Ed Felten Defeats Hard Drive Encryption

from the ed-felten-strikes-again dept

Ed Felten, and the various grad students who work for him at Princeton, have done plenty to contribute to the computer security field (and make quite a name for themselves), from breaking the old SDMI encryption that the recording industry insisted was unbeatable (which nearly got Felten sued) to showing just how vulnerable e-voting machines are. However, he may have just broken his biggest story yet. Felten and a group of colleagues have now shown that hard disk encryption is incredibly easy to beat. This should be a huge concern, considering how many people and organizations rely on data encryption to protect important data. In fact, with many of the “lost” hard drive stories over the past few years, many organizations have insisted the risk was minimal, since the data was all encrypted. Yet, as Felten’s team shows in this video below, not only is it quite easy to defeat the encryption using a simple can of compressed air, in some cases, there isn’t much that can be done to protect against this. As the video notes, this won’t work on some systems if the computer is turned completely off and the encryption package opens up before the operating system boots — but otherwise, most systems are vulnerable.

Basically, they’ve figured out that, despite what many believe, data held in RAM does not disappear immediately when the power is cut. And, if you freeze the chip, you can make the data last a very long time. This is important, because for disk encryption, the key to unlocking the data resides in the RAM. If someone can access that key in the RAM and make a copy of it, then they can unencrypt all of the data without knowing your password.

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Comments on “Ed Felten Defeats Hard Drive Encryption”

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Charming Charlie says:

I know only a bit more about computer hardware than the normal person, but isn’t it quite possible to create a hardware solution to the slow powering off of RAM bits? As in, the OS shutdown initiates a power cut off to the circuits supplying power, so that they immediately 0 out? I’m imagining a capacitor or something that draws the power out of the RAM. Alternatively, couldn’t the OS just manually replace all the bits the OS itself isn’t using to kind of cover (mostly) it’s tracks during a shutdown? In the video, they didn’t show a technique which used a sleeping computer that didn’t involve temporarily powering it off.

This, combined with the password entry before the OS starts running, would cover all the bases, wouldn’t it?

Liquid says:

Re: Re: Re:

I agree with you on that Paul. Plus with a trojan it would most likely be picked up by virus software anyways… I think that if I had physical access to a computer like that I would just snag it and do it this way… if you think about it you wont leave tracks on the hard drive when you happen to “Find it”, and return it…

Jollygreengiant says:

Charlie, you could have lines that would short out the memory,and drain the charge but it would mean a complete redesign of memory systems, and would add quite a bit to shutdown/reboot times. Better maybe to have a routine that overwrites the data at shutdown.

All of which is a bit moot as the memory doesn’t even need to be in the original PC! A quick spray of liquid CO2 or N2, and just whip them out and into your own device which copies the content for later perusal…

Chronno S. Trigger says:

Re: Re:

I have an easier way to avoid this. Don’t leave your computer in standby and walk away. Always shut down the PC and wait 30sec before walking away. That way the memory chips have time to discharge. I don’t know if hibernate would open a risk since the data in the memory is written to the drive during shutdown.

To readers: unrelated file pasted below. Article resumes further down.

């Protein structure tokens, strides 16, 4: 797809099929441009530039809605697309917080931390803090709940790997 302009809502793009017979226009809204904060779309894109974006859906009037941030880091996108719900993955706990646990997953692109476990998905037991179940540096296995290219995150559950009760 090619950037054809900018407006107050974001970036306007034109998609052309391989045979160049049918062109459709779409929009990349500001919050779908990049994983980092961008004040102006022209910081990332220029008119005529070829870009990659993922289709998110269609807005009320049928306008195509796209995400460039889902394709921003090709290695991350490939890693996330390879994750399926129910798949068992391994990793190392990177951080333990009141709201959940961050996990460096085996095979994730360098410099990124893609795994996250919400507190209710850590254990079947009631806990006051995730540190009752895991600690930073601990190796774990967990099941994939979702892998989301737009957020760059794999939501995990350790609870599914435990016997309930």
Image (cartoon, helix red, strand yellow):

matt says:

not what it seems

although they ar5e correct there are easy methods to crack hard drives these are methods involving physical access. If you have physical access to the hard drive there are many many easier methods to get into the encryption due to human exploitation, such as software situations within the target’s pc, video cameras, physical keyloggers, audio keyloggers.

So if you can get to the hard drive or not is irrelevant, there”s plenty of methods This isn’t like they magically figured out the encryption key, and also isn’t the ram situation “within 1-30 minutes” or something? I mean seriously it may take half of the minute just to get access to what you’re looking for.

I salute the method, but there are just too many for this to be truly noteworthy.

Overcast says:

I agree with you on that Paul. Plus with a trojan it would most likely be picked up by virus software anyways…

Only if the AV scanner you are running is familiar with it. If you wrote one for the task, there’s only a slim chance it might be detected by the heuristics – which, of course, could easily be tested on another PC, running the same AV software prior to ‘delivering’ the code.

delphidude says:

More scare headlines

This story is being ballyhooed far beyond what it is worth. Has anybody tried this outside of that lab? The answer is yes. Me. I have a pair of useless older PCs that are perfect for experimenting. And a box of cans of cool spray left over from my career job of fixing mainframes. These have real Freon and can freeze your katookies off if used upside down.

I loaded a huge text file with a repeating, easy to recognize pattern of data (i.e abcdefg…) into memory on one. Hosed it down with Freon. That didn’t work – it blew the memory, an experience that I have had in the past when trying to cool down components in troubleshooting. Apparently the small lands on a PC board will shrink from the cold and pull apart.

Started again with another simm. Not so cold this time.

Yanked it hot (as in with power on, not referring to temperature), plugged it into another old junker with a copy of Win 3.1 and powered up. Started scanning memory (that took a while, since my last experience with 3.1 must be about 15 years old.) but…

There was nothing. And since most memory was all zeros, I couldn’t be sure that the hardware/bios was not clearing memory on boot. Turned off everything in the bios, tried again, but still got nothing.

Tried not only pulling it hot, but swapping it hot. Problem was that the receiving machine would lock solid instantly. But finally one try got it in and the receiver stayed up. Time that the memory was without power was less than 3 seconds.

Great. Looked all over but no trace of that pattern could be found.

So. This isn’t quite as easy as the articles are making out. I am sure that the researchers did what they say, but nobody needs to panic that some DHS cop is going to whip out a spray can and a screwdriver and suddenly look through a persons surfing history. Heck, most government agents that I have run across have trouble opening the lid of the laptop.